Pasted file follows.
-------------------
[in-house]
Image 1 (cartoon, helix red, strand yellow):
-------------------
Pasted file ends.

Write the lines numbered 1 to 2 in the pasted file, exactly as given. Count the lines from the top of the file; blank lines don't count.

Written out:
[in-house]
Image 1 (cartoon, helix red, strand yellow):